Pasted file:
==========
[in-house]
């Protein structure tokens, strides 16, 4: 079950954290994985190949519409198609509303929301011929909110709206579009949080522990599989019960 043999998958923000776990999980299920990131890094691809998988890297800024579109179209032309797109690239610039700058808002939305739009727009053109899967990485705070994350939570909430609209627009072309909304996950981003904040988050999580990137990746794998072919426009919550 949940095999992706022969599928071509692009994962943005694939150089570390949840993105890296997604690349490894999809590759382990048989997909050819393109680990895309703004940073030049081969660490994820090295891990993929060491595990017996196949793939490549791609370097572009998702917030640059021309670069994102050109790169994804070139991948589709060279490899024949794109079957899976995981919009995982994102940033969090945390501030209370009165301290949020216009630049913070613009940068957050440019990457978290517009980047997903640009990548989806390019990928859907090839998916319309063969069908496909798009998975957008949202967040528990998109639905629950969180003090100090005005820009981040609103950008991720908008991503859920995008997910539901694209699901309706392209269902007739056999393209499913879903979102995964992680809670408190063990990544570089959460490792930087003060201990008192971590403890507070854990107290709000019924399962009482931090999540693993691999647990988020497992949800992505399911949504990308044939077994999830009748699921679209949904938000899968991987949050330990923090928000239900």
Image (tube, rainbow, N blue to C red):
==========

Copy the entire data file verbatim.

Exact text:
[in-house]
């Protein structure tokens, strides 16, 4: 079950954290994985190949519409198609509303929301011929909110709206579009949080522990599989019960 043999998958923000776990999980299920990131890094691809998988890297800024579109179209032309797109690239610039700058808002939305739009727009053109899967990485705070994350939570909430609209627009072309909304996950981003904040988050999580990137990746794998072919426009919550 949940095999992706022969599928071509692009994962943005694939150089570390949840993105890296997604690349490894999809590759382990048989997909050819393109680990895309703004940073030049081969660490994820090295891990993929060491595990017996196949793939490549791609370097572009998702917030640059021309670069994102050109790169994804070139991948589709060279490899024949794109079957899976995981919009995982994102940033969090945390501030209370009165301290949020216009630049913070613009940068957050440019990457978290517009980047997903640009990548989806390019990928859907090839998916319309063969069908496909798009998975957008949202967040528990998109639905629950969180003090100090005005820009981040609103950008991720908008991503859920995008997910539901694209699901309706392209269902007739056999393209499913879903979102995964992680809670408190063990990544570089959460490792930087003060201990008192971590403890507070854990107290709000019924399962009482931090999540693993691999647990988020497992949800992505399911949504990308044939077994999830009748699921679209949904938000899968991987949050330990923090928000239900």
Image (tube, rainbow, N blue to C red):